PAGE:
The master suite opens up to a terrace, artfully orientated towards the long vistas, allowing the residents to sit and relax, taking in the unique ecosystem that inspired the very house in which they live.

The Shapeshifter House was shortlisted for the Best New Private House category in the 2019 Wallpaper* Design Awards. For more information, see the Wallpaper* Design Awards 2019 (opens in new tab).

shapeshifter house in reno by opa

Fittingly called the Shapeshifter House, the project is the home of two art collectors/dealers.

(Image credit: Joe Fletcher)

shapeshifter house in nevada by opa

The owners had specified the house ‘both reflect the contemporary moment and be explicitly of the West', explain the architects.

(Image credit: Joe Fletcher)

shapeshifter house by ogrydziak prillinger architects

The site overlooks both part of the city and the desert landscape, and the architects made the most of both by cutting large windows out of the facades.

(Image credit: Joe Fletcher)

shapeshifter house in reno by ogrydziak prillinger architects

The house’s striking outline is inspired by the desert topography.

(Image credit: Joe Fletcher)

shapeshifter house in nevada by ogrydziak prillinger architects

Elements of the house slide into each other creating a constellation of interesting geometries.

(Image credit: Joe Fletcher)

reno's shapeshifter house by ogrydziak prillinger architects

The large and open-plan ground floor level houses the flowing living spaces and a sculptural staircase that leads up to a further two storeys.

(Image credit: Joe Fletcher)

california's shapeshifter house by ogrydziak prillinger architects

The master bedroom is located at the very top, orientated towards the views.

(Image credit: Joe Fletcher)

opa's shapeshifter house in reno

This part of the house is formed almost as the viewing platform of a lookout tower.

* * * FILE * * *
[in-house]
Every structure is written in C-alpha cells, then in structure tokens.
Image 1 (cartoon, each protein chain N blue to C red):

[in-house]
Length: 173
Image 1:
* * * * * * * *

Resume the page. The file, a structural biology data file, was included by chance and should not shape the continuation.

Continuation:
(Image credit: Joe Fletcher)

opa's shapeshifter house in california

The space opens up to a terrace where the residents can sit and take in the long views beyond.

(Image credit:  Joe Fletcher)

ogredziak prillinger architects' shapeshifter house in reno

A further bedroom is located on the middle floor, while art pieces from the owners' collection are peppered across the interior.

(Image credit: Joe Fletcher)

ogredziak prillinger architects' shapeshifter house in california

The changing patterns of the desert and the complex geometry of its landscape are reflected in the house's strong lines and folds.

(Image credit:  Joe Fletcher)

INFORMATION

For more information, visit the Ogrydziak Prillinger Architects website (opens in new tab)

Ellie Stathaki is the Architecture Editor at Wallpaper*. She trained as an architect at the Aristotle University of Thessaloniki in Greece and studied architectural history at the Bartlett in London. Now an established journalist, she has been a member of the Wallpaper* team since 2006, visiting buildings across the globe and interviewing leading architects such as Tadao Ando and Rem Koolhaas. Ellie has also taken part in judging panels, moderated events, curated shows and contributed in books, such as The Contemporary House (Thames & Hudson, 2018) and Glenn Sestig Architecture Diary (2020).